Crime has fallen, but incarcerations across the country still soar, making imprisonment for young African American men a fact of life. As Harvard Sociologist Bruce Western suggests, societal inequalities generally seem to us natural, legitimate or fixed. Much of the inequality relies on our society’s perception of young African American male high school dropouts as a problematic societal sub-group. This perception is perhaps the primary obstacle in addressing inequality in the United States: our complacency with it.
Western suggests that we are living in an era of mass imprisonment that has transformed a generation of young black men who make up the mainstay of the permanently disadvantaged population in American society. The effect of imprisonment on social and economic inequality demands our immediate attention.
Only 0.1% of the population in Western Europe is incarcerated. In the U.S., about 700 per 100,000 people are in jail, an entire order of magnitude greater than that of Europe’s population. From the 1920’s through most of 20th century, imprisonment in the U.S. was relatively stable, and comparable Western Europe’s rates today. However, from the mid-70’s on, the penal system grew stricter and the threshold for imprisonment was lowered: about 7 million people have since been brought under police supervision.
As large as these figures are, the volume of prisoners is not the most telling statistic. Instead, we must look more closely incarceration rates for particular sub-groups that include race and educational background. In the past decade, one third of all young black men who were also high school dropouts, were behind bars, a statistic hugely inconsistent with the rest of society. In 1999, 41 percent of all black male high school dropouts aged 22-30 were in prison or jail. In fact, prison time is a more common transition stage for young black males today than college. Nothing distinguishes African Americans from whites like the difference in rates of incarceration (about 8 to 1).
Prison confers an enduring status that causes diminished opportunities for those who are previously incarcerated. One effect of the overwhelming rate of incarceration on society is increased inequality of opportunities for prisoners when they leave, both in pay and employment in general. Incarceration may reduce human capital (lost work experience, diminished skills), erode social ties/relationships to legitimate employment and confer a stigma that repels employers (civil disabilities too). Ex-prisoners are then subject to high risk of unemployment, little prospect for wage growth, day labor, few to no benefits and decreased job security. The stigma with which a convict is forced to live then subjects him to subsistence “at the margins of the labor market… precarious employment in low-wage jobs”.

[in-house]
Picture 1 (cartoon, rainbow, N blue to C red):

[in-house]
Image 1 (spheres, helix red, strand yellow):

Perhaps most importantly, however, is the effect that the incarcerated males have on the next generation, on their children, who grow up without father figures, while their fathers wait in jail. One third of African American youth born in 1990, have experienced the absence of a father who was incarcerated. Imprisonment has therefore become a normal event for young black men with little schooling. By sharpening the lines of social exclusion, mass imprisonment has reduced the extent of American citizenship and produced a profound transformation of American race relations in the post-Civil Rights period. Through its effects on economic status and mobility (and families too), mass incarceration has become self-sustaining.
An entire group of our population has become entrenched in a cycle of poverty and diminished life opportunities at the hands of the penal system. By maintaining this unforgiving criminal justice system, we effectively perpetuate the marginalized status of an entire population of young black men, a group of men who would otherwise have the chance to act as role models and breadwinners for families and communities. By diminishing ex-prisoners’ life opportunities, society maintains an underclass that is unable to gain a foothold through a fair paying job, that would allow them to begin on a prosocial life path. The United States has, in effect, decided that this group does not deserve access to jobs or the other legitimate means by which they might reenter mainstream society.
While the criminal justice system is founded on the ideal of safety and security, it has a latent function as well. It acts as a means of social control that generates inequality, while essentially doing away with what many view as a potentially problematic group of idle young, African American males. When such a huge disparity exists between the actual trends in crime and the soaring incarceration rates, it is obvious that the criminal justice system no longer acts solely in the name of public safety.
*Statistics in this article are based on a 2009 lecture given by Harvard Sociologist Bruce Western at Villanova UniversityBy Amy Richards, BA Re:LIFE Inc Blogger